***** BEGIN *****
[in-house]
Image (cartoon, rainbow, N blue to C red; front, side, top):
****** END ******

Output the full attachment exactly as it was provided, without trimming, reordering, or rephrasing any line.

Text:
[in-house]
Image (cartoon, rainbow, N blue to C red; front, side, top):